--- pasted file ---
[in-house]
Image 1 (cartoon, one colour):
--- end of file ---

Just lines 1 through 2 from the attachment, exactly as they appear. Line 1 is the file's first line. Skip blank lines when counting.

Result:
[in-house]
Image 1 (cartoon, one colour):